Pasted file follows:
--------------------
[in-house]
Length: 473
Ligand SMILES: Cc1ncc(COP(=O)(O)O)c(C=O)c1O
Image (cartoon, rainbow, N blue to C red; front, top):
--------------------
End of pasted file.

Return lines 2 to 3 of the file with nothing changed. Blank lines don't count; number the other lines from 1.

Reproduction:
Length: 473
Ligand SMILES: Cc1ncc(COP(=O)(O)O)c(C=O)c1O